Efficient Elegance - Pan Am Joins the ClubJuan Trippe had been accustomed to sponsoring new generations of aircraft, and it must have been quite a shock to his system to see Hughes and T.W.A. not only taking over such leadership, but also receiving extensive international route awards from the Civil Aeronautics Board, enthusiastically supported by the President, and now challenging the Chosen Instrument, as Pan American was unofficially dubbed, on the lucrative North Atlantic route. However, Trippe knew a good thing when he saw one, and did not hesitate to purchase Constellations, at $750,000 each.
The first of the Lockheed airliners, with 54 seats in Pan Am's layout, was delivered on 5 January 1946 and christened Mayflower. A second arrived one week later and Pan American opened North Atlantic Constellation service on 14 January 1946. This was a measure of Pan Am's considerable organizational strength as T.W A. itself did not start scheduled transatlantic service until 5 February. Today the World's Most Experienced Airline, as it liked to call itself, can look back with pride on such actions.
Pan American took delivery of 22 Model 049 Constellations before the end of May 1946. Two went directly to Panair do Brasil, still very much a Pan Am subsidiary, and which was the fortunate recipient of eleven more during the 1950s as they were retired from the parent company's routes. On 17 June 1947 a Constellation Model 749, an advanced version, one of four delivered to Pan Am, made the first round-the-world airline inaugural flight, from New York to San Francisco (Pan American was not permitted to fly trans-continentally to make the final link). Later, with the purchase of American Overseas Airlines (A.O.A.), seven more of the 049 Model were added, for a total Connie fleet of 33.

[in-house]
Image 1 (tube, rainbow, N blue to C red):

The Might-Have-BeensThe Constellation story was not Pan American's first encounter with Lockheed. On 14 November 1939 it had signed a contract for three Model 44 Excalibur, designed to carry 30 passengers at 262 mph in pressurized comfort over a 1,600-mile range. Delivery was to have been in the summer of 1941 but the project was cancelled.
Another impressive-looking contender was the Republic Rainbow. This was a commercial adaptation of the XF-12, built experimentally for the Army Air Forces, to a 1943 specification for long range, high speed reconnaissance, at very high altitudes. The XF-12 first flew on 4 February 1946. With a design cruising altitude of 40,000 feet ó the same as the jets fly at todayóand a speed of 400 mph, it looked to be another winner. Pan American and American Airlines placed provisional orders, but cancellation of the military contracts forced the abandonment of the project.
The Secret WeaponBritish aviation writer Peter Brooks described the Lockheed Constellation as "the secret weapon of American air transport." The description was almost literally true, as it was produced, if not clandestinely, certainly behind locked doors. It was the inspired result of close cooperation between Lockheed's design staff, headed by the redoubtable Kelly Johnson, and the leadership of Howard Hughes, now actively in charge of T.W.A. Discussions were first held in 1939, T.W.A. ordered nine in 1940, and the Model 049, as Lockheed engineers always called it, first flew on 9 January 1943. All concerned must have known they had a winner, even if the C-54s were piling up the hours across the conflict-stricken oceans.
On 19 April 1944 Hughes and T.W.A. president Jack Frye flew the "Connie" nonstop from Burbank, Lockheed's plant location in California, to Washington, D.C. in three minutes less than seven hours, an air journey which normally took between 12 and 14 hours, including stops. The aircraft was immediately handed over to the Government for military use, and Howard Hughes no doubt made a considerable impression on the assembled bureaucratic multitude as he demonstrated it (illegally) in T.W.A.'s colors.